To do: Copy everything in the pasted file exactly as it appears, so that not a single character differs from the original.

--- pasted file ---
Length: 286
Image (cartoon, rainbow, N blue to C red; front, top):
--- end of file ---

Length: 286
Image (cartoon, rainbow, N blue to C red; front, top):